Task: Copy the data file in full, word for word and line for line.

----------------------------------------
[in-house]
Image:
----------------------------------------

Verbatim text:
[in-house]
Image: